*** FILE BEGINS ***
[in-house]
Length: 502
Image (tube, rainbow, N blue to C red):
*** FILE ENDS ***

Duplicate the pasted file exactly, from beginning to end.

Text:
[in-house]
Length: 502
Image (tube, rainbow, N blue to C red):